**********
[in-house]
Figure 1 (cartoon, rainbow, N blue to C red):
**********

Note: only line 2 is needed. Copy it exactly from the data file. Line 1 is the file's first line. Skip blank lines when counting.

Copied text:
Figure 1 (cartoon, rainbow, N blue to C red):